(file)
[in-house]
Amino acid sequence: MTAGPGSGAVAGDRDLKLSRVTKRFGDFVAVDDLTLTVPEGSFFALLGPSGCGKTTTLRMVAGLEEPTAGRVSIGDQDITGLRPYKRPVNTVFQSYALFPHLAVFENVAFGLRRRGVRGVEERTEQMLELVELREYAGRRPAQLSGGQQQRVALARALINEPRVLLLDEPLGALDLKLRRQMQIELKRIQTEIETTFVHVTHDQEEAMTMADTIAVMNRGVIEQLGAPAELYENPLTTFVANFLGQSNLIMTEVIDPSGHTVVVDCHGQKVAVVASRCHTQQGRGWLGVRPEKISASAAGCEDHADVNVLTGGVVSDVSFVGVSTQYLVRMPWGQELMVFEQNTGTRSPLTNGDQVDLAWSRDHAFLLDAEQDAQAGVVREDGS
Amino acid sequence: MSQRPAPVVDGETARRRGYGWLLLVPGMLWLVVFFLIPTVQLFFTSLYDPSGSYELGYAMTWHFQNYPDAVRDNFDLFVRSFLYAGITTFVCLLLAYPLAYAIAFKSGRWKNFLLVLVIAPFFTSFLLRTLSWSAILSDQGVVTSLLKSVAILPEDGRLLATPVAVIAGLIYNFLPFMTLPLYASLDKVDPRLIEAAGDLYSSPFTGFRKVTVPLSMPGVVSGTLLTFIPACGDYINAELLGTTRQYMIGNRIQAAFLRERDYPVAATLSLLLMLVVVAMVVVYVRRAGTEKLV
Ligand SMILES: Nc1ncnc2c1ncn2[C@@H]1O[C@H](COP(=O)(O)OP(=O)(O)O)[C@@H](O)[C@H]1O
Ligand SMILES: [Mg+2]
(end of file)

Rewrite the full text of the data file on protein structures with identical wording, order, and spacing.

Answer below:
[in-house]
Amino acid sequence: MTAGPGSGAVAGDRDLKLSRVTKRFGDFVAVDDLTLTVPEGSFFALLGPSGCGKTTTLRMVAGLEEPTAGRVSIGDQDITGLRPYKRPVNTVFQSYALFPHLAVFENVAFGLRRRGVRGVEERTEQMLELVELREYAGRRPAQLSGGQQQRVALARALINEPRVLLLDEPLGALDLKLRRQMQIELKRIQTEIETTFVHVTHDQEEAMTMADTIAVMNRGVIEQLGAPAELYENPLTTFVANFLGQSNLIMTEVIDPSGHTVVVDCHGQKVAVVASRCHTQQGRGWLGVRPEKISASAAGCEDHADVNVLTGGVVSDVSFVGVSTQYLVRMPWGQELMVFEQNTGTRSPLTNGDQVDLAWSRDHAFLLDAEQDAQAGVVREDGS
Amino acid sequence: MSQRPAPVVDGETARRRGYGWLLLVPGMLWLVVFFLIPTVQLFFTSLYDPSGSYELGYAMTWHFQNYPDAVRDNFDLFVRSFLYAGITTFVCLLLAYPLAYAIAFKSGRWKNFLLVLVIAPFFTSFLLRTLSWSAILSDQGVVTSLLKSVAILPEDGRLLATPVAVIAGLIYNFLPFMTLPLYASLDKVDPRLIEAAGDLYSSPFTGFRKVTVPLSMPGVVSGTLLTFIPACGDYINAELLGTTRQYMIGNRIQAAFLRERDYPVAATLSLLLMLVVVAMVVVYVRRAGTEKLV
Ligand SMILES: Nc1ncnc2c1ncn2[C@@H]1O[C@H](COP(=O)(O)OP(=O)(O)O)[C@@H](O)[C@H]1O
Ligand SMILES: [Mg+2]